Donald Trump Accuses President Obama Of Making ‘Many Inflammatory Statements And Roadblocks’ During Transition

President-Elect Donald Trump has accused outgoing President Barack Obama of making “many inflammatory statements and roadblocks” during the transition to his administration. Trump used a series of tweets on Wednesday to slam President Obama, whom he has had a frosty relationship with for many years, tweeting “Doing my best to disregard the many inflammatory President O statements and roadblocks. Thought it was going to be a smooth transition – NOT!”

According to the Independent, the tweets mark a shift in Mr Trump’s post-election approach to the incumbent president. Since beating President Obama’s former secretary of state in the 2016 presidential election, Mr. Trump has largely praised his predecessor. That being said, the President-elect’s comments are thought to have been spurred by a suggestion from the president that he would have beaten Donald Trump if he had been eligible to run for a third term in the 2016 presidential election.

Expectedly, Mr. Trump didn’t respond in kind to the comments. In that same Twitter tirade, Trump criticised the Obama administration’s current handling of Israel after the passing of a UN Security Council resolution that rebuked it over its building of Jewish settlements in Palestinian territories

Traditionally, the United States has always used its veto power to block any attempt to condemn Israel. However, in the final months of his presidency, the Obama administration appears to be breaking with tradition, by criticising Benjamin Netanyahu’s government and failing to intervene on its behalf. Comparingly, the incoming Trump administration has pledged support for Israel, suggesting that Mr. Obama’s move to weaken ties with the country are also designed to undermine the incoming Trump administration.

Mr. Trump joined Mr Netanyahu in criticising the decision by the Obama administration. According to CNN Politics, Mr. Trump immediately promised that things will be different when he takes office in January, saying “We cannot continue to let Israel be treated with such total disdain and disrespect. They used to have a great friend in the US. But not anymore. The beginning of the end was the horrible Iran deal, and now this (UN)! Stay strong Israel, January 20th is fast approaching.”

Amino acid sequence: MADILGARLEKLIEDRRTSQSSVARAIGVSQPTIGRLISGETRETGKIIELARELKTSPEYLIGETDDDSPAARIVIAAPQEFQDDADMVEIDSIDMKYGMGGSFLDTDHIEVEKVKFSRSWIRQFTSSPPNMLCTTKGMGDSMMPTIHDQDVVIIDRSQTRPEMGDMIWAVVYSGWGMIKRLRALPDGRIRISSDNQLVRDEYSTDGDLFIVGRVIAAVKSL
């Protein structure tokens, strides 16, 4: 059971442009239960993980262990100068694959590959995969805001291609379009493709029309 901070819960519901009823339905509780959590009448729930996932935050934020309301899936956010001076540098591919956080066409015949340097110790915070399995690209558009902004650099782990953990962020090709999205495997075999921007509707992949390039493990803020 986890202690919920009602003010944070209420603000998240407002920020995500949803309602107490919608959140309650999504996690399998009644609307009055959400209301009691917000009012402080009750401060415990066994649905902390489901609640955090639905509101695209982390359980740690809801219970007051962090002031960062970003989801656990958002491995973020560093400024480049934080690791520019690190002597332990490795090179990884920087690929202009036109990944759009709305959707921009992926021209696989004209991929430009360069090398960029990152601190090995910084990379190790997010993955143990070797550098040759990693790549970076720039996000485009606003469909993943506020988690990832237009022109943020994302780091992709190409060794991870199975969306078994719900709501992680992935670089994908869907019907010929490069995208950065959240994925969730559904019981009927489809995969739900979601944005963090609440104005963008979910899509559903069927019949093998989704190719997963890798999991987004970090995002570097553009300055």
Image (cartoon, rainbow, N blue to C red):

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The President-elect wasn’t entirely critical of the outgoing president, however. Later on in the day, whilst speaking to reporters in Florida, Mr. Trump appeared to walk back his comments, saying the transition is going “very, very smoothly” and confirming that he had a “nice conversation” with Obama. With that in mind, it’s becoming increasingly difficult to gauge the temperature of the relationship between incoming President-Elect Donald Trump and his predecessor, outgoing President Barack Obama.

As aforementioned, Mr. Trump and Mr. Obama have enjoyed something of a frosty relationship for many years. Ahead of Obama’s re-election effort in 2011, Mr. Trump lead the so-called “Birther movement,” falsely asserting that he was not a natural-born citizen of the United States and consequently, under Article Two of the U.S. Constitution, that he was ineligible to be President of the United States. The movement lead many to believe that Trump has then planning to run against the president in the 2012 election.

Trump, ultimately did not. However, when he went head to head with Democratic candidate Hillary Clinton in the 2016 presidential election, Mr. Obama avidly criticised Mr. Trump whilst campaigning for Mrs. Clinton. Their relationship expectedly became more frosty as a result, however, the pair appeared to mend bridges when Mr. Trump beat Mrs. Clinton last month.

[Featured Image by Win McNamee/Getty Images]